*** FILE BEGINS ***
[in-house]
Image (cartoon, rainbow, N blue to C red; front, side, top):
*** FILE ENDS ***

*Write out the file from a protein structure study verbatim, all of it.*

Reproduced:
[in-house]
Image (cartoon, rainbow, N blue to C red; front, side, top):